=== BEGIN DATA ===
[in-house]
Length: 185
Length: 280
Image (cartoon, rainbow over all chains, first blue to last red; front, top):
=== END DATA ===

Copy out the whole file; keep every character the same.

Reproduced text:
[in-house]
Length: 185
Length: 280
Image (cartoon, rainbow over all chains, first blue to last red; front, top):